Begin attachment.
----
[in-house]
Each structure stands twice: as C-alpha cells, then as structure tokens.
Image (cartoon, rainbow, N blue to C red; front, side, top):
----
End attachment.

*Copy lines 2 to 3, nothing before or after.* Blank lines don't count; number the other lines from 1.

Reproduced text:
Each structure stands twice: as C-alpha cells, then as structure tokens.
Image (cartoon, rainbow, N blue to C red; front, side, top):